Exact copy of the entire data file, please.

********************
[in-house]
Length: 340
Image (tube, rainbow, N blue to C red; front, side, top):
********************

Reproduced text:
[in-house]
Length: 340
Image (tube, rainbow, N blue to C red; front, side, top):